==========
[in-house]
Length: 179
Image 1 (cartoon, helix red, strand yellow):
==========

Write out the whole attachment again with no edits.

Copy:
[in-house]
Length: 179
Image 1 (cartoon, helix red, strand yellow):